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A judge has dismissed an appeal of an injunction against campers at a controversial Maple Ridge homeless camp, the city announced Wednesday.
The ruling, which was handed out Tuesday in B.C. Supreme Court, sided with the city in keeping the injunction in place, which allows the city to remove fire hazards and other safety issues from the Anita Place camp.
“I would like to thank citizens for their patience as we follow the legal processes required to move forward with the work to enforce the Feb. 8 B.C. Supreme Court ruling,” Maple Ridge mayor Mike Morden said in a statement Wednesday.
“We will maintain our vigilance relating to fire safety on the property and will continue to work with the BC Government to house the occupants and bring the camp to an end.”
The injunction was requested by the city in response to several fires in the camp thanks to heating and electrical equipment. After much of the equipment was removed, three more fires were sparked within 48 hours, prompting an evacuation order that sent the campers into temporary shelters while crews swept the camp and removed more safety hazards.
The evacuation order was lifted on Monday, with the city allowing “verified occupants” to return to the camp.
The Pivot Legal Society, which represents the campers, launched the appeal in response to the city’s enforcement of the injunction. Six people were arrested and dozens of officers stayed on site to keep the peace, which lawyers say led to “brutal” and “rough” treatment of the campers.
The society also took issue with the removal of the equipment and warming shelter itself, which they say are crucial to the campers’ survival.
In a statement to Global News Thursday, staff lawyer Caitlin Shane said the society was disappointed in the ruling.
“We are discouraged that the City of Maple Ridge and the province sided against the residents of Anita Place, who were trying to appeal an order that puts their lives at risk, disbands their community, and threatens their ability to keep warm and survive in the absence of any support from the city,” Shane said.
The city said that since the evacuation order was issued on March 2, staff had removed 35 propane tanks, 611 cubic metres of “fire-related debris” and a variety of other combustible material and accelerants.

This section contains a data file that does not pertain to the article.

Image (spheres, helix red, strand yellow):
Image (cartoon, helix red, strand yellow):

Shelters and structures on the site have also been moved away from the camp’s perimeter, and BC Housing is working on installing a heating system for a warming tent and restoring power to an on-site washroom and shower facility, the city added.
On Tuesday, the city presented its social housing plan, which includes “some additional temporary modular housing units” for Anita Place homeless campers at the same site as Maple Ridge’s one existing modular housing project on Royal Crescent.
It also calls for additional housing projects aimed at renters and seniors, and aims to develop a “Made in Maple Ridge” pilot model for permanent social housing along with BC Housing and Fraser Health.
The plan drew deep criticism from Minister of Housing Selina Robinson, who called the plan “not workable” and inadequate for the Anita Place campers in a terse statement Tuesday.
Shane echoed those criticisms, adding the minister’s rejection of the plan is “not surprising.”
“The city’s new housing plan is beyond inadequate,” she said. “If Maple Ridge continues to rely on its gross undercount of Anita Place residents, long-time residents of the encampment will be denied housing, as will other people experiencing homelessness throughout Maple Ridge.”
According to the city, “numerous” occupants of the Anita Place camp have been housed since it was established in 2017.
— With files from Simon Little
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